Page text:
Latest News and Commentary: National

May 13, 2022
By Graham Piro
Foundation for Individual Rights in Education

Excerpt: A qualified free speech win for a student-run art gallery at Wichita State University, reported earlier this month, is raising questions about the expressive rights of other students who criticize the school’s student government.

Wichita State’s Student Supreme Court overruled the student senate’s decision to yank funding from student-run art gallery ShiftSpace after the group criticized a student senator.

May 12, 2022
By David Ingram
NBC News

Excerpt: E-reader apps that became a lifeline for students during the pandemic are now in the crossfire of a culture war raging over books in schools and public libraries.

In several states, apps and the companies that run them have been targeted by conservative parents who have pushed schools and public libraries to shut down their digital programs, which let users download and read books on their smartphones, tablets or laptops. Some parents want the apps banned for their children, or even for all students. And they’re getting results.

May 12, 2022
By Charles Lipson
RealClear Politics

Excerpt: It is rare to meet someone with true moral courage, someone who risks everything to do what he knows is right. I was privileged to know such a man, George Anastaplo. His story, set during the Red Scare of the 1950s, needs to be told because it applies today, when political zealots again demand rigid conformity.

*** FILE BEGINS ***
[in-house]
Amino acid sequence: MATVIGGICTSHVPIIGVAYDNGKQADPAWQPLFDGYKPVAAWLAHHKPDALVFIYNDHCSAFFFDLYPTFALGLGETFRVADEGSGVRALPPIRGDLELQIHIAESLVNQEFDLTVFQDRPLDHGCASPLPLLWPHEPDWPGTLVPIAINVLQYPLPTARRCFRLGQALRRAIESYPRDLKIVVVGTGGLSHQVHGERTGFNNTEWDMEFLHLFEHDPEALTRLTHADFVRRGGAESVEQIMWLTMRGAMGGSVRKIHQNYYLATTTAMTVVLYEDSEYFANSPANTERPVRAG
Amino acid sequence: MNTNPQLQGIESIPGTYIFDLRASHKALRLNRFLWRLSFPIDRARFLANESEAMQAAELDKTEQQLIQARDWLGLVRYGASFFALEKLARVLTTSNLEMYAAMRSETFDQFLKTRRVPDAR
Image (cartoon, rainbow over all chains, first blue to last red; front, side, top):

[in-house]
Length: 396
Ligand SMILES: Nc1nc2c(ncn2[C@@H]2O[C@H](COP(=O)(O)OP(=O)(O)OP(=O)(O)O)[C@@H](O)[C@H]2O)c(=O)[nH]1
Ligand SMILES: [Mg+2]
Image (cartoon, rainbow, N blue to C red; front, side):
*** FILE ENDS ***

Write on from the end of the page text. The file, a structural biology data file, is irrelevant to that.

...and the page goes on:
The time was the early 1950s, and the demands came from ideological crusaders on the right, who insisted on anti-communist loyalty oaths. Today’s crusaders come from the left, demanding pledges of support for “Diversity, Equity, and Inclusion” (DEI).

May 12, 2022
By Nathan Biller
The College Fix

Excerpt: Georgetown University has not set an end date for its investigation into a professor canceled for a comment he made about then-Supreme Court Justice nominee Ketanji Brown Jackson. Ilya Shapiro has now been on administrative leave for more than 100 days.

He told The College Fix that pending the end of his administrative leave, he will continue “writing, speaking, filing briefs, and otherwise engaging in public discourse in my personal capacity on my areas of expertise, including constitutional law, the Supreme Court, and the importance of free speech and civil discourse.”

May 12, 2022
By Michael Martz
Richmond Times-Dispatch

Excerpt: On the eve of graduation ceremonies for Virginia’s public colleges and universities, Gov. Glenn Youngkin told their presidents this week that he expects them to promote free speech on campus and hire faculty and other staff “with diverse political perspectives.”

Youngkin sent the five-page letter to the Council of Presidents on Tuesday, making clear his expectations on a range of cultural issues important to his conservative political base — from in-person instruction during the ongoing COVID-19 pandemic to creation of lab schools as a kind of charter school outside of traditional K-12 public education.

May 11, 2022
By Foundation for Individual Rights in Education

Excerpt: In a university course called Writing the Body, whose bodies are acceptable to write about? And who decides?